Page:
# Terminal 1
$ kubectl get tunnel/nginx-1-tunnel -o wide -w
nginx-1-tunnel   nginx-1            provisioning                  229417838
nginx-1-tunnel   nginx-1            active         68.xxx.xx.84   229417838
nginx-1-tunnel   nginx-1            active         68.xxx.xx.84   229417838

# Terminal 2
$ kubectl get services/nginx-1 -o wide -w
NAME      TYPE           CLUSTER-IP       EXTERNAL-IP                     PORT(S)        AGE   SELECTOR
nginx-1   LoadBalancer   <pending>                       80:30835/TCP   3s    app=nginx
nginx-1   LoadBalancer   68.xxx.xx.84                    80:30835/TCP   57s   app=nginx
nginx-1   LoadBalancer   68.xxx.xx.84,68.xxx.xx.84       80:30835/TCP   57s   app=nginx

Conveniently, tunnel objects also can be used by end-users as a mean of interaction with the operator. For instance, one can run kubectl delete for the tunnel object to trigger reprovisioning of the inlets exit-server on the cloud provider side:

# Terminal 1
$ kubectl delete tunnel/nginx-1-tunnel
tunnel.inlets.inlets.dev "nginx-1-tunnel" deleted

# Terminal 2
$ kubectl logs deploy/inlets-operator -f
... deprovision existing VM
... provision new VM

Another great thing about the inlets-operator is that its code is pretty straightforward and very well written. It can be a great starting point for those who wants to start writing operators. In under a thousand lines of code one can find usage examples of Kubernetes API informers, CRD generated code, workqueue, and other typical operator constructs.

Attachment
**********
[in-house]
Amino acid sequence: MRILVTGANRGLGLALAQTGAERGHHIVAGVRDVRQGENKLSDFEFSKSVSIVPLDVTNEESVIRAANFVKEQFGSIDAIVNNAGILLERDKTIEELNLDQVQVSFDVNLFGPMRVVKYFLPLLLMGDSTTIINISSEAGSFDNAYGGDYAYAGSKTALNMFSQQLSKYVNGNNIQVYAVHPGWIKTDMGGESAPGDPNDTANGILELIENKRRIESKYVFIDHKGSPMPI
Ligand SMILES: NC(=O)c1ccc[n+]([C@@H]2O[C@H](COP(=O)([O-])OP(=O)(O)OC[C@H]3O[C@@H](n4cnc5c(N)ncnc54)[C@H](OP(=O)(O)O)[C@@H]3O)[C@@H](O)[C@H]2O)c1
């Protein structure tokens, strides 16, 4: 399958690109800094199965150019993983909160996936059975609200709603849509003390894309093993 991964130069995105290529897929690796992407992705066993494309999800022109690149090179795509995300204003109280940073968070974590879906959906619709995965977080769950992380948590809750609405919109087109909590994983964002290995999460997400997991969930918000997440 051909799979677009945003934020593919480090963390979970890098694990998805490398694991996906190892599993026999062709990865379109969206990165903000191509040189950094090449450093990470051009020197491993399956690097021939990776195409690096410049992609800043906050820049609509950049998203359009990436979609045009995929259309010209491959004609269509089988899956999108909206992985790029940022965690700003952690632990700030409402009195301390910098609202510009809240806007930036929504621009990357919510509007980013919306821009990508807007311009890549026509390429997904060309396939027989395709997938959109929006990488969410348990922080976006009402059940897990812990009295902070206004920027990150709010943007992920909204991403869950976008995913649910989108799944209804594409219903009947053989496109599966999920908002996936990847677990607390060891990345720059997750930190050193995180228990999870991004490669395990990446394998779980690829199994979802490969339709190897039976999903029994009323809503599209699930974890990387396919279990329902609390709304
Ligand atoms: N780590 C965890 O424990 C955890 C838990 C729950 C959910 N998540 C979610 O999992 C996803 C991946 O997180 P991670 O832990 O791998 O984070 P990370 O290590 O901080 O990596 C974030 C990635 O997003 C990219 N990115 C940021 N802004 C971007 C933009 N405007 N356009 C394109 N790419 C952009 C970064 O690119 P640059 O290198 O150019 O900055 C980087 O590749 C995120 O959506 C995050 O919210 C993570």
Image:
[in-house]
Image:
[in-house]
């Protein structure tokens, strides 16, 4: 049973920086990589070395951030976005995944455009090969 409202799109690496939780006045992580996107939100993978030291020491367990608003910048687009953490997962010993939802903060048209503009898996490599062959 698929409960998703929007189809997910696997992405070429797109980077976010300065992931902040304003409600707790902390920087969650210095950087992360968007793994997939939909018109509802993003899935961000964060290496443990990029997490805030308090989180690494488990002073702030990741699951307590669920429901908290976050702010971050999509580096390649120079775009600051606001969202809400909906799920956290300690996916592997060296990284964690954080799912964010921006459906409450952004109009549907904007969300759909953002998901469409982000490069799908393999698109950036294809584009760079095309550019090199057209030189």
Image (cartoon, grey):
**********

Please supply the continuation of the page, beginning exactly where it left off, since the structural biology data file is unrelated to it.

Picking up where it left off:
When it comes to operators, there is a lot of buzz. But actually, most of the time it's just a pod (or a few pods) running a custom controller and one or more custom resources to interact with it.

In this article, we learned that the Kubernetes API is probably the main contributor to the Kubernetes extensibility. You can put whatever logic into your operators. But interaction with it will be happening through native-like API resources. Hence, standard tooling such as kubectl will be supported out of the box and the workflow will look familiar to other Kubernetes users. And even more - it should be possible to build operators on top of existing operators or make different operators interact with one another reusing the exact same mechanism of custom API resources.

Further Reading

Learning Series
  • Exploring Kubernetes Operator Pattern